Archives For Epiphany

     It’s a strange-sounding word: homage.

It’s a word that feels as though it belongs dressed up in period costumes, a word that could be found in an heirloom bible.

Isaiah’s vision of God’s light intruding upon the darkness comes at a moment in Israel’s story when all the promises of God seemed like broken memories. Not unlike the time when King Herod rules Israel and Caesar Augustus issues his decree for a census.

The prophet Isaiah foresaw a time when God’s light would shine bright and clear not just to those within the covenant but to those far outside it. A time when a caravan of nations would travel to the Promised Land to present this God with gifts and to pay him ‘homage.’

That’s how the Hebrew in Isaiah 60 puts it: homage.

St. Matthew, in his Nativity story, tells of this prophecy being fulfilled some 500 years later in the journey of the magi. According to the hymn, these star-followers were “kings,” leaders of the gentile world coming to honor the King of Kings. According to that same hymn, there are three of these “kings.” According to Christian tradition they have names: Melchior, Gaspar, and Balthasar.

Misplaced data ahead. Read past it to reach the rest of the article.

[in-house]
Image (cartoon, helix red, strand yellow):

And according to the poet TS Eliot, after having encountered the baby in Bethlehem, these star-followers returned home, “no longer at ease” in the world they had previously known.

Tradition has done much with the magi, but Matthew is mum about all of that.

Matthew doesn’t tell us much about the magi but he is clear and emphatic about why they’ve come: “Where is the child who has been born King of the Jews?” they ask the scholars and priests in Jerusalem, “For we have seen his star in the East, and we have come to pay him homage.” 

     And when they arrive at the manger, before they give him gold, before they give him frankincense, before they give him myrrh- they drop down onto their knees and they give him homage.

Every Christmas season I like to peruse the newsstand magazines- weeklies like Time and Newsweek– to read their obligatory cover stories about Christmas.

Usually the articles promise new discoveries and have provocative titles like: ‘Was It Really a Silent Night?’ ‘Who Was Jesus’ Real Father?’ or ‘The Christmas Story the Church Doesn’t Want You to Know.’

A couple of weeks ago I was browsing the newsstand at Barnes and Nobles, and I came across a story that featured Richard Dawkins giving his thoughts on Christmas.

Dawkins, as you may already know, is an Oxford biologist and something of a rabid atheist. He’s also the author of the bestseller, The God Delusion.

So who wouldn’t want his thoughts on Christmas?

I flipped through the article and a few of Dawkins’ Christmas comments caught my eye.